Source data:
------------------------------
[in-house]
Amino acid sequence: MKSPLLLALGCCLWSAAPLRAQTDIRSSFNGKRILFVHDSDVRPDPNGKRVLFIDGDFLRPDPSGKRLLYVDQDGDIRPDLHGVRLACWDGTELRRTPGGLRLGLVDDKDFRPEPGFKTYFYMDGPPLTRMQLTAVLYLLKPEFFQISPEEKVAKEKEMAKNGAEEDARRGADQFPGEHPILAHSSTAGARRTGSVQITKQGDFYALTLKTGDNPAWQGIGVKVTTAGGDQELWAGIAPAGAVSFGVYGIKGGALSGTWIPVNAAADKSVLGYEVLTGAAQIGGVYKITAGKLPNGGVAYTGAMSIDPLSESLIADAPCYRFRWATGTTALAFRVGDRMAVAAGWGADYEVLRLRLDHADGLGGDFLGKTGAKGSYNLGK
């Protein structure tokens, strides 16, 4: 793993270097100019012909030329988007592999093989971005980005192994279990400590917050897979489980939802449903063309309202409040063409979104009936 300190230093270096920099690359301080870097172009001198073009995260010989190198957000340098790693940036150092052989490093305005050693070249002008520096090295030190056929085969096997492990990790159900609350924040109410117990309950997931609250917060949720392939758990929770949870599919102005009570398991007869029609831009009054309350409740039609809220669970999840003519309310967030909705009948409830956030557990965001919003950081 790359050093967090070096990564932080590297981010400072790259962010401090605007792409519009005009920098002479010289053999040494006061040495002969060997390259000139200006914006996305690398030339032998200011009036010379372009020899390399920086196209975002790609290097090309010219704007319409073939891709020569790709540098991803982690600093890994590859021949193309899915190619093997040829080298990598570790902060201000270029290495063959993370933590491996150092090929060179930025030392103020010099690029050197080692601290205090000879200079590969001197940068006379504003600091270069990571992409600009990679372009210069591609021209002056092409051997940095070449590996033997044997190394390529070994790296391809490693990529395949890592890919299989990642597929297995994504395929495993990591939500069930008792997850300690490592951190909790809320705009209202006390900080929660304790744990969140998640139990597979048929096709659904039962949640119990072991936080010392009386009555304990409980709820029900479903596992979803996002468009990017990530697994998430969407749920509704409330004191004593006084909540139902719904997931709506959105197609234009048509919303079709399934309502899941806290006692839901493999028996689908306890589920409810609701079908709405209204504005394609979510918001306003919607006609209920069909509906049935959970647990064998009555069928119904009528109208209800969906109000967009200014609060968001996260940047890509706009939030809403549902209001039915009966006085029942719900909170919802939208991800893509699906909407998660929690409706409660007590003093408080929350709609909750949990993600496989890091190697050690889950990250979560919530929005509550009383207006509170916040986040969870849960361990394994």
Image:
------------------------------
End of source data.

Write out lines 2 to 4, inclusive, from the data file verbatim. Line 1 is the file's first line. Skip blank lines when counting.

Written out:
Amino acid sequence: MKSPLLLALGCCLWSAAPLRAQTDIRSSFNGKRILFVHDSDVRPDPNGKRVLFIDGDFLRPDPSGKRLLYVDQDGDIRPDLHGVRLACWDGTELRRTPGGLRLGLVDDKDFRPEPGFKTYFYMDGPPLTRMQLTAVLYLLKPEFFQISPEEKVAKEKEMAKNGAEEDARRGADQFPGEHPILAHSSTAGARRTGSVQITKQGDFYALTLKTGDNPAWQGIGVKVTTAGGDQELWAGIAPAGAVSFGVYGIKGGALSGTWIPVNAAADKSVLGYEVLTGAAQIGGVYKITAGKLPNGGVAYTGAMSIDPLSESLIADAPCYRFRWATGTTALAFRVGDRMAVAAGWGADYEVLRLRLDHADGLGGDFLGKTGAKGSYNLGK
């Protein structure tokens, strides 16, 4: 793993270097100019012909030329988007592999093989971005980005192994279990400590917050897979489980939802449903063309309202409040063409979104009936 300190230093270096920099690359301080870097172009001198073009995260010989190198957000340098790693940036150092052989490093305005050693070249002008520096090295030190056929085969096997492990990790159900609350924040109410117990309950997931609250917060949720392939758990929770949870599919102005009570398991007869029609831009009054309350409740039609809220669970999840003519309310967030909705009948409830956030557990965001919003950081 790359050093967090070096990564932080590297981010400072790259962010401090605007792409519009005009920098002479010289053999040494006061040495002969060997390259000139200006914006996305690398030339032998200011009036010379372009020899390399920086196209975002790609290097090309010219704007319409073939891709020569790709540098991803982690600093890994590859021949193309899915190619093997040829080298990598570790902060201000270029290495063959993370933590491996150092090929060179930025030392103020010099690029050197080692601290205090000879200079590969001197940068006379504003600091270069990571992409600009990679372009210069591609021209002056092409051997940095070449590996033997044997190394390529070994790296391809490693990529395949890592890919299989990642597929297995994504395929495993990591939500069930008792997850300690490592951190909790809320705009209202006390900080929660304790744990969140998640139990597979048929096709659904039962949640119990072991936080010392009386009555304990409980709820029900479903596992979803996002468009990017990530697994998430969407749920509704409330004191004593006084909540139902719904997931709506959105197609234009048509919303079709399934309502899941806290006692839901493999028996689908306890589920409810609701079908709405209204504005394609979510918001306003919607006609209920069909509906049935959970647990064998009555069928119904009528109208209800969906109000967009200014609060968001996260940047890509706009939030809403549902209001039915009966006085029942719900909170919802939208991800893509699906909407998660929690409706409660007590003093408080929350709609909750949990993600496989890091190697050690889950990250979560919530929005509550009383207006509170916040986040969870849960361990394994």
Image: